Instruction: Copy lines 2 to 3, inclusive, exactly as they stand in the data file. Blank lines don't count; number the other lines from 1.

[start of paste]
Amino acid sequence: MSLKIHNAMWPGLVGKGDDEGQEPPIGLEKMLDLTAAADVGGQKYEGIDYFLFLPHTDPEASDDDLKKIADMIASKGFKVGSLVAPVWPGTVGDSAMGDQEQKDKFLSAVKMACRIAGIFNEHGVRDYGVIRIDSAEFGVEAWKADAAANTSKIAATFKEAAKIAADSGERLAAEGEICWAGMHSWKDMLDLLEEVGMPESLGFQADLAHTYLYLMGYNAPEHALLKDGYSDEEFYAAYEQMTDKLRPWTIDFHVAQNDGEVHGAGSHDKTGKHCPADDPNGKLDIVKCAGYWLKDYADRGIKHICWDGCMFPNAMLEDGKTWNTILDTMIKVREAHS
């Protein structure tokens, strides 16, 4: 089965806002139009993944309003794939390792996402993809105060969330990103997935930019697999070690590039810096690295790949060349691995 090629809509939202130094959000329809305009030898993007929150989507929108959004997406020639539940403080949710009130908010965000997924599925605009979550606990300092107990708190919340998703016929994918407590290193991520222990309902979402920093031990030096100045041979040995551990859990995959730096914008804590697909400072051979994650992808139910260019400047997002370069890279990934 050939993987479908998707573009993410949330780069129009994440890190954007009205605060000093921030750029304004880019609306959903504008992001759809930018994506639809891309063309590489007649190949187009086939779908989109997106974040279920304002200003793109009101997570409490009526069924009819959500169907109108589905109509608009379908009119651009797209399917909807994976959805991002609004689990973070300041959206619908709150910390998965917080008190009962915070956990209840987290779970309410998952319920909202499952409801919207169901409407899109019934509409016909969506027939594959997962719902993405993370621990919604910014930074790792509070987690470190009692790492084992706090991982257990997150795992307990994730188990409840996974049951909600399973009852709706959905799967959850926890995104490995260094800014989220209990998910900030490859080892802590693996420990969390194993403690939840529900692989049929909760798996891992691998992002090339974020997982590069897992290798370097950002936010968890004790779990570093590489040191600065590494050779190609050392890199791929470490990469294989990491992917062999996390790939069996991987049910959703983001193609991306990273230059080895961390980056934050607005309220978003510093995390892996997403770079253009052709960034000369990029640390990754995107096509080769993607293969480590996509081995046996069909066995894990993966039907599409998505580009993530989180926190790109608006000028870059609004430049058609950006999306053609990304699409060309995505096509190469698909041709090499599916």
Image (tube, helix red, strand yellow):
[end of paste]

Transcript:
């Protein structure tokens, strides 16, 4: 089965806002139009993944309003794939390792996402993809105060969330990103997935930019697999070690590039810096690295790949060349691995 090629809509939202130094959000329809305009030898993007929150989507929108959004997406020639539940403080949710009130908010965000997924599925605009979550606990300092107990708190919340998703016929994918407590290193991520222990309902979402920093031990030096100045041979040995551990859990995959730096914008804590697909400072051979994650992808139910260019400047997002370069890279990934 050939993987479908998707573009993410949330780069129009994440890190954007009205605060000093921030750029304004880019609306959903504008992001759809930018994506639809891309063309590489007649190949187009086939779908989109997106974040279920304002200003793109009101997570409490009526069924009819959500169907109108589905109509608009379908009119651009797209399917909807994976959805991002609004689990973070300041959206619908709150910390998965917080008190009962915070956990209840987290779970309410998952319920909202499952409801919207169901409407899109019934509409016909969506027939594959997962719902993405993370621990919604910014930074790792509070987690470190009692790492084992706090991982257990997150795992307990994730188990409840996974049951909600399973009852709706959905799967959850926890995104490995260094800014989220209990998910900030490859080892802590693996420990969390194993403690939840529900692989049929909760798996891992691998992002090339974020997982590069897992290798370097950002936010968890004790779990570093590489040191600065590494050779190609050392890199791929470490990469294989990491992917062999996390790939069996991987049910959703983001193609991306990273230059080895961390980056934050607005309220978003510093995390892996997403770079253009052709960034000369990029640390990754995107096509080769993607293969480590996509081995046996069909066995894990993966039907599409998505580009993530989180926190790109608006000028870059609004430049058609950006999306053609990304699409060309995505096509190469698909041709090499599916």
Image (tube, helix red, strand yellow):